Made possible with the support of the Ontario Media Development Corporation
The dining experience at the touch of a button By John Morgan and Isabelle Jones
one are the days when a restaurateur’s greatest challenge was simply to decide on menu items. Today’s dilemmas are still focused on giving customers more choice but these choices are of a different nature – and a lot more complicated. From the wide adoption of mobile apps to advancements in EMV technology and mobile processing to sophisticated planning systems, technology is revolutionizing how North American restaurant owners interact with and serve customers, process payments and manage their businesses.
critical questions to ask: • What is the business need to be solved? • What application will help solve this need? • What is the cost of developing this application? A quick service restaurant that primarily serves millennials, for example, would benefit from an app that speeds up customer orders. Yet, a high-end establishment, such as a steakhouse, may consider an app that helps loyal customers earn exclusive rewards for higher spending.
While Canada is slower than the U.S. in adopting restaurant mobile applications, it is a North American leader in EMV compliance, also known as chip-and-pin technology. In addition to ensuring more secure credit and debit card transactions, EMV allows restaurateurs and customers to “pay at the table” using mobile POS terminals. Offering all the benefits of a standard POS terminal, these wireless solutions, fully integrated with a restaurant’s operational system, allow guests to pay their bill without leaving their table with a chip enabled credit card. Mobile POS terminals improve wait staff productivity, increase table turnover and reduce the amount of cash employees carry, while eliminating the need for preauthorizations and additional dial-up lines. The emergence of “contactless” payments based on Near Field Communication technology is another major trend transforming the restaurant industry – especially at fast-food outlets. By waving or tapping a credit card over the point-of-sale terminal, customers are able to make small purchases securely without a signature or PIN, improving wait times at the counter. This technology is thought to be a major factor behind the steady increases in spending at fast-food restaurants in Canada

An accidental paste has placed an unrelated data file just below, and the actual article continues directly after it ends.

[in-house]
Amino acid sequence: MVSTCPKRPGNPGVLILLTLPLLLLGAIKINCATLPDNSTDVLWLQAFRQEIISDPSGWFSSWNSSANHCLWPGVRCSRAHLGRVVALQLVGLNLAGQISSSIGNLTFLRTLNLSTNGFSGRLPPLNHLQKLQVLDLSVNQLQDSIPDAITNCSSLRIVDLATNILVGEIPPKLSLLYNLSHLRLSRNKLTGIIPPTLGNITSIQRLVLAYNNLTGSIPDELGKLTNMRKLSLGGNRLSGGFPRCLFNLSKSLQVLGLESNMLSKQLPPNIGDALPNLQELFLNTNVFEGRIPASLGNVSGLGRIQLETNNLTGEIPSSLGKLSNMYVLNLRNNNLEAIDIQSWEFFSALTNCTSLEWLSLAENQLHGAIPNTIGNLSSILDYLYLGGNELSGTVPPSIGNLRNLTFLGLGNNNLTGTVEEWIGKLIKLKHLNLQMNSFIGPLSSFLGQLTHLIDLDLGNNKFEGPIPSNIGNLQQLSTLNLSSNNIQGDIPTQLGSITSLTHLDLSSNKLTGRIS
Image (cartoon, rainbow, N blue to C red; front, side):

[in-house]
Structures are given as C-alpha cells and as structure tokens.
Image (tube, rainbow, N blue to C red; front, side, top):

A restaurant experience is no longer confined to a physical space. Soaring smartphone sales go hand in hand with an explosion of restaurant and food-related mobile applications. Even a pizza can be ordered through an app these days – and restaurateurs, who once questioned the benefits of creating a website for their establishments, are now considering whether a restaurant app will add value to their business. Once used to locate a nearby restaurant in a specific category, provide a calorie count of a particular meal or post a restaurant review, apps now offer more meaningful engagement for guests. Customers can access restaurant loyalty programs, interact through social media, and even open, view and pay for their restaurant tab using their smartphones, in a secure, seamlessly integrated, hassle-free environment. Developing these apps, of course, can be quite costly. While larger chains are more likely to invest in such advanced applications, smaller restaurants can benefit from this new technology, while keeping their costs down, by participating in thirdparty applications. What is important is the relevance of the chosen solution to the restaurant’s objectives. Here are three may / june 2013